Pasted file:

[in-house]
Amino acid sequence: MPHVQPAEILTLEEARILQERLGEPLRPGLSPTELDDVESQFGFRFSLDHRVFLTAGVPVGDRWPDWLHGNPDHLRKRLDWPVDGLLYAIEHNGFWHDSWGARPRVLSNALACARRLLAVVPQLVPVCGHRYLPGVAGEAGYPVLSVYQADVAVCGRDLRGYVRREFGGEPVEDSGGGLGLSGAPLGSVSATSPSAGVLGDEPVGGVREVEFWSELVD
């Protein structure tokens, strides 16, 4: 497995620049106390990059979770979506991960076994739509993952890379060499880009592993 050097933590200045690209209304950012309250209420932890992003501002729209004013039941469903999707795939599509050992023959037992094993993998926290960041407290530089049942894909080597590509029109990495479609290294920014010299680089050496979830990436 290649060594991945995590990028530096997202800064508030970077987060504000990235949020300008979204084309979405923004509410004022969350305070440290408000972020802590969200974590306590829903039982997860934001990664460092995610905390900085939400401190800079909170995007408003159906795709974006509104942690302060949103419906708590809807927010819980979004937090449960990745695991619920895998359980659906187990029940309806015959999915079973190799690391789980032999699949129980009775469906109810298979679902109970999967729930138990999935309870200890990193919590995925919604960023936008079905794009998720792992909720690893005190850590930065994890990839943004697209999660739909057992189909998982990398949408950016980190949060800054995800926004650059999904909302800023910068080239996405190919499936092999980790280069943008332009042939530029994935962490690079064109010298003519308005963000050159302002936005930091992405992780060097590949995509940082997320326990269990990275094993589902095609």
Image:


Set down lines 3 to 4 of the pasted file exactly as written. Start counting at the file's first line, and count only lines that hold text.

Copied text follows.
């Protein structure tokens, strides 16, 4: 497995620049106390990059979770979506991960076994739509993952890379060499880009592993 050097933590200045690209209304950012309250209420932890992003501002729209004013039941469903999707795939599509050992023959037992094993993998926290960041407290530089049942894909080597590509029109990495479609290294920014010299680089050496979830990436 290649060594991945995590990028530096997202800064508030970077987060504000990235949020300008979204084309979405923004509410004022969350305070440290408000972020802590969200974590306590829903039982997860934001990664460092995610905390900085939400401190800079909170995007408003159906795709974006509104942690302060949103419906708590809807927010819980979004937090449960990745695991619920895998359980659906187990029940309806015959999915079973190799690391789980032999699949129980009775469906109810298979679902109970999967729930138990999935309870200890990193919590995925919604960023936008079905794009998720792992909720690893005190850590930065994890990839943004697209999660739909057992189909998982990398949408950016980190949060800054995800926004650059999904909302800023910068080239996405190919499936092999980790280069943008332009042939530029994935962490690079064109010298003519308005963000050159302002936005930091992405992780060097590949995509940082997320326990269990990275094993589902095609």
Image: